AS A World War II veteran who lived through Dunkirk and endured unimaginable conditions while serving in Asia, 100-year-old Albert Johnson has made a habit of surviving.
Believed to be one of the last remaining veterans of the Dunkirk evacuation, Albert celebrated the milestone with his wife Mary, family and friends on February 23, over 80 years after he enlisted.
The English expat was conscripted in 1938 at the age of 19 and called up for military service the following year.
“You aren’t scared when you’re 19 years old, we just took it in our stride,” he said.
“We never got a taste of war until we went to France. That’s when we found out what war was like.”
After completing his training and being sent to France, he was ultimately transferred to the 6th Battalion.
He was just 21 when the Germans attacked from the Belgium border in 1940. The battalion was sent to help, but were cut off and forced back to Dunkirk.
"We reached the last canal before Dunkirk and were there for five days being constantly attacked by the German planes and shells," he said.
"We were left to guard this canal and stop the Germans advancing, to give the troops at Dunkirk time to get away."
The battalion then marched onto Dunkirk at dusk. "We passed a soldier guarding a stack of bully beef as I passed I bent down and grabbed one. I was so hungry and thirsty…
"We got to the beach and were told to dig in. The only tool I had to dig with was my bayonet."
They dug trenches before being told to wade out chest high into the water later that night, only to be told there would be no more boats and ordered to return to their trenches dripping wet.
The next morning, Albert’s trench was caved in after being bombed and he and a fellow soldier had to scramble up while under heavy shellfire.
Albert and his fellow soldiers eventually managed to make their escape by boarding destroyer ship the HMS Venomous on the last day of evacuations.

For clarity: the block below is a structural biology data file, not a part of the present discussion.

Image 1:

"We all ran up the jetty, threw our rifles onto the ship and jumped on board. I climbed up to the crow's nest and on the way across the channel the ship's pom-poms [anti-aircraft gun] opened fire and nearly deafened and blinded me," Albert recalled.
We never got a taste of war until we went to France. That’s when we found out what war was like.
But this was far from the last he would see of battle.
After Japan entered the war, the battalion was sent to India and was then being transferred to Myanmar – then known as Burma.
The battalion had to endure horrendous conditions during its Asian deployment, dealing with poor sanitation, sickness and the constant threat from Japanese forces.
“I had Malaria five times and dysentery a number of times. Sometimes they would send you back in before you were ready and you’d get sick again," said Albert.
He caught Malaria once while stuck behind enemy lines, while on another occasion, he had to help a soldier who had been shot in the back as they both ran from heavy machine gun fire.
After four years the battalion was sent back to India and during a period of leave, the Hiroshima bomb was dropped and the war ended and after a four month sea journey, he arrived in Liverpool in 1945.
After arriving back in England, he worked on a farm for a number of years, where he met Mary, before starting a business as a coal merchant, then moving to Australia.
He claimed the pension for ex-servicemen and retired when he turned 60 and he and Mary then spent 30 years traveling around Australia in a caravan.
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